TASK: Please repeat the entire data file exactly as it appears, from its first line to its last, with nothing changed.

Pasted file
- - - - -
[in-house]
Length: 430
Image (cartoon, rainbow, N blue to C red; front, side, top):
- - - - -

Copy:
[in-house]
Length: 430
Image (cartoon, rainbow, N blue to C red; front, side, top):